So that was definitely one of the biggest highlights and I think the other one would be when “Bring It All Back” went to number one. That was a big moment for us, and playing at Party In The Park, I think it was one of the first gigs we ever done as a group, there was 100,000 people at Party In The Park and it was huge. And I just remember being absolutely petrified before we went to stage. But the feeling was incredible. So that is definitely another highlight.

Thank you for sharing, they both sounded amazing. But even before S Club 7, you spent your whole life performing as a vocalist. You performed in your childhood and teen years but how did you first discover you passion and talent for singing? Was it when you were at school or did it just happen naturally?

It all happened with a karaoke machine in a little local club that is still around to this day, and I  got up and sung “The Loco-motion” by Kylie Minogue in tune, and I don’t even know where it came from but it was just there. I’ve never like thought about it before, I’ve never done any singing before that moment but I just sort of opened my mouth and the voice came out. And I was just as shocked as everybody else. I was given a massive round of applause and I liked it and I liked the way it made me feel.

And so I carried on doing it and then from there I went on to do karaoke all over the place and then open mic nights and talent competitions. I sort of really worked around that the local working man circuit if you like, you know, and I was always on stage somewhere from a very young age, so I’ve never known any different really.

Jo O'Meara

That’s amazing, I do think if you really gravitate towards something then you should continue to follow it. As you’re an experienced vocalist then, do you get nervous at all before going on stage or does it not effect you as you’ve done it countless times?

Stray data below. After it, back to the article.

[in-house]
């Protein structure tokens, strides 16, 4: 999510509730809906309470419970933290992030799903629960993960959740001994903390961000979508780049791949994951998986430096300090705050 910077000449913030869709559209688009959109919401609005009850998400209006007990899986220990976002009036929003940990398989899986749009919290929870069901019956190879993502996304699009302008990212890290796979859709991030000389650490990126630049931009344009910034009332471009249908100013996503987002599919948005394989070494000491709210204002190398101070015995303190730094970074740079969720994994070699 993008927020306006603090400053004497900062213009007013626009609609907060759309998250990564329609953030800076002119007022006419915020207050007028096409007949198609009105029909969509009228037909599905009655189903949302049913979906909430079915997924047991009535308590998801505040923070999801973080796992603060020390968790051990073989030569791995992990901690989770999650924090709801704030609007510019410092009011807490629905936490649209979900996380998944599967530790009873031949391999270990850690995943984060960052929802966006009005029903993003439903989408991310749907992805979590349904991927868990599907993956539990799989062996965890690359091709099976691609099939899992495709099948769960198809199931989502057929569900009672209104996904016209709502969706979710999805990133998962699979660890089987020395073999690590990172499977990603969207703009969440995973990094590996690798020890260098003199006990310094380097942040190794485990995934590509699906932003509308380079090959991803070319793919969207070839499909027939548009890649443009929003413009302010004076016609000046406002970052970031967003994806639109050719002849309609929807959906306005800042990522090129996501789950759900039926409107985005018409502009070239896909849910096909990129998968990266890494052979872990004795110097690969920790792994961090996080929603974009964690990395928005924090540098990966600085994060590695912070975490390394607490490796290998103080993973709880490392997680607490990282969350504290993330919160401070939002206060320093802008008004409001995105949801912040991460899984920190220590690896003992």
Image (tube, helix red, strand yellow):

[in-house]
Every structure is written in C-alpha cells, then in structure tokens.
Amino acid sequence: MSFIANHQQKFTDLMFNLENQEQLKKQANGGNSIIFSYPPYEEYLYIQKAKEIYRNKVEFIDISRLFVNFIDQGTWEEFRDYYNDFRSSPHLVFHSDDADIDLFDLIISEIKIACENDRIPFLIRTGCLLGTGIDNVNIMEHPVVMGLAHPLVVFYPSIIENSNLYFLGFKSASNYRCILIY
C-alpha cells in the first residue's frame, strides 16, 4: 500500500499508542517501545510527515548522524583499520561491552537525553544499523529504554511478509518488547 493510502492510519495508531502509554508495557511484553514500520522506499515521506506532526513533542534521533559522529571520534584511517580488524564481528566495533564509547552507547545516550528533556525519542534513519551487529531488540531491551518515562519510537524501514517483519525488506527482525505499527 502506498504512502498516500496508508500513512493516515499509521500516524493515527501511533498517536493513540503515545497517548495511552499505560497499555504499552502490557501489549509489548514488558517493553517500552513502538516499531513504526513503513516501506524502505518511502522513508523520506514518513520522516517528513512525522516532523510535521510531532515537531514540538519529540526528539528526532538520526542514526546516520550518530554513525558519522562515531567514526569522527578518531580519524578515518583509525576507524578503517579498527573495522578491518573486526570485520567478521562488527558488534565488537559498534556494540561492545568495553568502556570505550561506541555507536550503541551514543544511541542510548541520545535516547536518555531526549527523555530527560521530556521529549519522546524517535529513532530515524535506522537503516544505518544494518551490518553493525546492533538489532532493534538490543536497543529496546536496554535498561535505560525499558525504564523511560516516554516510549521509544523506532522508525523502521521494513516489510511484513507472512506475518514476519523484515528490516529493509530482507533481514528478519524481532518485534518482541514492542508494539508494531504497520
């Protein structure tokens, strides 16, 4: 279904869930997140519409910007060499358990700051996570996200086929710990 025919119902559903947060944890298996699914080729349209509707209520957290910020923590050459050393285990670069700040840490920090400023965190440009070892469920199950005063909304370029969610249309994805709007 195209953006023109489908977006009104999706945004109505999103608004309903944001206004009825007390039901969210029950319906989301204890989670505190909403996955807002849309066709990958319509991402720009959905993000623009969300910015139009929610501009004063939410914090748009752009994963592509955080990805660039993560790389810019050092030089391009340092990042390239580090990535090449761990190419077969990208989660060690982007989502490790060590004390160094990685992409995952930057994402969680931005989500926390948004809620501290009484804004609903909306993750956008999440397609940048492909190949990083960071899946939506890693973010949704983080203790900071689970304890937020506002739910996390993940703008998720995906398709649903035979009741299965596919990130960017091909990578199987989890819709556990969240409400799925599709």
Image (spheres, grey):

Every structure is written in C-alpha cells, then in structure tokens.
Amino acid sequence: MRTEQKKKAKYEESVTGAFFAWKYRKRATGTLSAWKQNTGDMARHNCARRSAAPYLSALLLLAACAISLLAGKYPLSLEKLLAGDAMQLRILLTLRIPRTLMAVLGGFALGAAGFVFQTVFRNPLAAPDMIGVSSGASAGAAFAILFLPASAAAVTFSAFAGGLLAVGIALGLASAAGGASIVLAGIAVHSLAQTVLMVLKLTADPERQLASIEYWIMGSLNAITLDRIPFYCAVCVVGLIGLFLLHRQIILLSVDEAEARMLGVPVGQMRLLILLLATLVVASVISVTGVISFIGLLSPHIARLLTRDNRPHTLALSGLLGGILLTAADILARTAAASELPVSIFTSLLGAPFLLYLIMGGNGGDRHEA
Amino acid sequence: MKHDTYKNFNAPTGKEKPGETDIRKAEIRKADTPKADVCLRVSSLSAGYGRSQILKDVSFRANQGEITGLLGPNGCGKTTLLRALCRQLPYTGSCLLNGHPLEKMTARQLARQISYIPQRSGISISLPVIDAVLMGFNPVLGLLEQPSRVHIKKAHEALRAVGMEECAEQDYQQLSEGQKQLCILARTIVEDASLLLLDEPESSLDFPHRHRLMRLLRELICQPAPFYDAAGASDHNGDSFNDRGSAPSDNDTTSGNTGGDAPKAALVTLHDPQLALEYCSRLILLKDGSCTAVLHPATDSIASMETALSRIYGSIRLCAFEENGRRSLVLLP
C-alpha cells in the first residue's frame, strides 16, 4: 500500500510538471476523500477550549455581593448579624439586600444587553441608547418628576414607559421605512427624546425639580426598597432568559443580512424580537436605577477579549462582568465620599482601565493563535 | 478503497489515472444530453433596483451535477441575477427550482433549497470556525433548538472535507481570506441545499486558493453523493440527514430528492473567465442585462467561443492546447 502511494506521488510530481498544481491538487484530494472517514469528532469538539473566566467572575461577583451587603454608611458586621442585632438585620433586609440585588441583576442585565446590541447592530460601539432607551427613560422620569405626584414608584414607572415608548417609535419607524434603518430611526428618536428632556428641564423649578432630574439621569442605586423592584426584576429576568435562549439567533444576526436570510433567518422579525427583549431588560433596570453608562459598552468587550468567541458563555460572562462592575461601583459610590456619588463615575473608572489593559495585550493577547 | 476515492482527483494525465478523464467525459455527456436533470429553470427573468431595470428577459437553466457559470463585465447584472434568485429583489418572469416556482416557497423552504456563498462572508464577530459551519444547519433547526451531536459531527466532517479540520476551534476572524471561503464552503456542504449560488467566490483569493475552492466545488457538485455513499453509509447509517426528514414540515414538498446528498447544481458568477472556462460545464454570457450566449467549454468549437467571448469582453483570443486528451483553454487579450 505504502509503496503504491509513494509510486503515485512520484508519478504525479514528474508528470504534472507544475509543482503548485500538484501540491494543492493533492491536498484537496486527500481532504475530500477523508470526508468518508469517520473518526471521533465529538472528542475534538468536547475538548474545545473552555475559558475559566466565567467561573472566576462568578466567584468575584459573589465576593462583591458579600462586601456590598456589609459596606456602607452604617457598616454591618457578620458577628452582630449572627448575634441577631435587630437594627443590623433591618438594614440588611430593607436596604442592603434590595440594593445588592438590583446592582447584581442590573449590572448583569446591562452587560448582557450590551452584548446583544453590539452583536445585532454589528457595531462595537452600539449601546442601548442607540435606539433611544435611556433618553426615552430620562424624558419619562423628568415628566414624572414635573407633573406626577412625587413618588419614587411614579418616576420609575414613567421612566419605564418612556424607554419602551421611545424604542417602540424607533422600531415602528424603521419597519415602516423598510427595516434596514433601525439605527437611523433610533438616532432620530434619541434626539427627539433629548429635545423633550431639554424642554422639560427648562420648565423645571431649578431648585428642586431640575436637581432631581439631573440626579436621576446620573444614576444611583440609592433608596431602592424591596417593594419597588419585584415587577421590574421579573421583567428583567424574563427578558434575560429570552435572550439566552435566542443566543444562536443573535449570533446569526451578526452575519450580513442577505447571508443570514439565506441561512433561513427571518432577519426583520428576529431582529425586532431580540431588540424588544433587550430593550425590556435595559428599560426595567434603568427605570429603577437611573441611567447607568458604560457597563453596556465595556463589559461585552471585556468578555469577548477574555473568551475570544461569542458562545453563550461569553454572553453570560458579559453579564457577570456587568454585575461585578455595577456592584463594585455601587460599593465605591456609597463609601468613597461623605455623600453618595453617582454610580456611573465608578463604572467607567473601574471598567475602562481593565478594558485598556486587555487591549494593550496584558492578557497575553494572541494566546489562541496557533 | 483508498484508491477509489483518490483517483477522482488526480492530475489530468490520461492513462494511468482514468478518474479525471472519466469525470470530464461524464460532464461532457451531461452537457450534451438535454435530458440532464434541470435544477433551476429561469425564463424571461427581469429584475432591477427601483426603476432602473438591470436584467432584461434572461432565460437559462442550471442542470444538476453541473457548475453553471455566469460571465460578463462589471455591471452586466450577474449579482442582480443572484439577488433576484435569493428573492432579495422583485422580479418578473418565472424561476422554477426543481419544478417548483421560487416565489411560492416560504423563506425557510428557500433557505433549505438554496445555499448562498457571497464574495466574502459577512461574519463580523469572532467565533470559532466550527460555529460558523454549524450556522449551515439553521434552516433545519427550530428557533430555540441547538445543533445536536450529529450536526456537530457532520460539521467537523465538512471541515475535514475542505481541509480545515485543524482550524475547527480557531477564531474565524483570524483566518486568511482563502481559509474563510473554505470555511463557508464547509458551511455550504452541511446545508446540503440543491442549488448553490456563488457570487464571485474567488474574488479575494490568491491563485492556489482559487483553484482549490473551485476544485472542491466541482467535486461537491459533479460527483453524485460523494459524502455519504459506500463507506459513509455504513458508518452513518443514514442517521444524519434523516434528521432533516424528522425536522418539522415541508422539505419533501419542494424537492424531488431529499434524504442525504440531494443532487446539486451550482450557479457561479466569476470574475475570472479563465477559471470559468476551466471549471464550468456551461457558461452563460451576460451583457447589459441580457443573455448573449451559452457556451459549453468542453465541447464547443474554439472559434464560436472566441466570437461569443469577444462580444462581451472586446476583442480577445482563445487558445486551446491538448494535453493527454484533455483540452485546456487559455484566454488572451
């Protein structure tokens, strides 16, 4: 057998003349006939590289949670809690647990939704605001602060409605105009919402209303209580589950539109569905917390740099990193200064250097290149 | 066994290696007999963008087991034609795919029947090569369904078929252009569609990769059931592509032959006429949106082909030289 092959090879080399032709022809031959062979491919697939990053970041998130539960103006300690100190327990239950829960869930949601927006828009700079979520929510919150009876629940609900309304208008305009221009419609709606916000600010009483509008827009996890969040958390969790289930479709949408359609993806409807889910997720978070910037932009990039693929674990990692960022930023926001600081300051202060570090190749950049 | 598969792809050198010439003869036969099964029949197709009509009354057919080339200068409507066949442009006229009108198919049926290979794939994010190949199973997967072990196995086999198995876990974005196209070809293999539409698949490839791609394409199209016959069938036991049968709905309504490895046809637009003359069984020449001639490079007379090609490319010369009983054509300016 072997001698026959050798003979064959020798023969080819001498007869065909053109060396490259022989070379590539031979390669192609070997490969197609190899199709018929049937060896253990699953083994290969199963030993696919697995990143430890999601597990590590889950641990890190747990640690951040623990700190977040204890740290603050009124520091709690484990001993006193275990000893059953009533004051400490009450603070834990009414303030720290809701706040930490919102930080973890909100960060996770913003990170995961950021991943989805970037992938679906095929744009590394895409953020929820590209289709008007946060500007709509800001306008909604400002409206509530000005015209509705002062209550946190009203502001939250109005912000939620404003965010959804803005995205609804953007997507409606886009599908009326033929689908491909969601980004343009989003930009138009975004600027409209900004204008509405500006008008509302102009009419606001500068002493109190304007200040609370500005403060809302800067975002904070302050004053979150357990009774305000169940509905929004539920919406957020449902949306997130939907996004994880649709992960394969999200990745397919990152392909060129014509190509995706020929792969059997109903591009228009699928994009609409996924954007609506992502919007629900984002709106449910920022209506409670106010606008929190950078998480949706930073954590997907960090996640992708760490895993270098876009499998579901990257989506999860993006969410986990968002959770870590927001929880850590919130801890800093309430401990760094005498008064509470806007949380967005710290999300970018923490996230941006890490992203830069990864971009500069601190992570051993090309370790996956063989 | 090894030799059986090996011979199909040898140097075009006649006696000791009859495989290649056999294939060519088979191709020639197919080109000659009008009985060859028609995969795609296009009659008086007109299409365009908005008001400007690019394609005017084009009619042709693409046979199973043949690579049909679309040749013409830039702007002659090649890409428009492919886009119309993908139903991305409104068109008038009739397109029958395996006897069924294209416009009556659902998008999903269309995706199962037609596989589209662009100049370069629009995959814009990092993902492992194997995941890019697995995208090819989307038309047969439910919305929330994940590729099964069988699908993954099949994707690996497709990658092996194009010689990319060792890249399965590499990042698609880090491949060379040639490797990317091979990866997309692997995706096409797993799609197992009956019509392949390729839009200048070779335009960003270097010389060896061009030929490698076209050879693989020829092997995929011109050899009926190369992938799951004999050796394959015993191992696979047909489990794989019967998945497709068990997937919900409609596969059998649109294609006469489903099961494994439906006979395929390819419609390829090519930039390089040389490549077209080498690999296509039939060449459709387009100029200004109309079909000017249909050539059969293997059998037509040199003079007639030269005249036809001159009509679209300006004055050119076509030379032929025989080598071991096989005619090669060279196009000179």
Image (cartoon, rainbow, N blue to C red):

I get nerves so badly and sometimes I stand there and think to myself “why do I do this? Why do I put myself through this.” And the answer is: I love what I do. So I just have to fight through it but I’d be a fool to sit here and say that I don’t suffer from nerves because the feeling I get just before I go on stage is like my legs sometimes literally feel like they’re going to give way. 

And I also feel sometimes like I’m going to pass out because I’m so frightened but something comes over me and in the second I get on stage, I get like this surge of adrenaline and then I don’t want to be anywhere else, then the problem is getting me off stage haha.

The music industry can be so hard sometimes. Previously, Richard Carpenter wanted to work with you on some unrecorded ideas for a new The Carpenters record. It’s a shame that legal business things can get in the way of potentially exciting projects. Are there any side projects that you would love to get involved with now?

Obviously, you know, I’m very ambitious, and there’s lots and lots and lots of things that I want to pursue and that I would dream to do and stuff. But who knows what opportunities are going to come my way but I would definitely love to maybe do a collaboration with somebody one day if it’s the right thing, right song. and the right person. I would definitely be up for doing it.

Is there any artist that springs to mind then?

Bruno Mars, I’m sure he’d be easy to get hold of…

Just slide into his DMs on Instagram, I’m sure that would work haha!

Yeah! I’ll just DM him and to see what he says haha. To me, he is a real showman, and I just love to watch him perform, he just fascinates me. I love his voice, I love the music, so I’m big Bruno Mars fan, that’s my choice.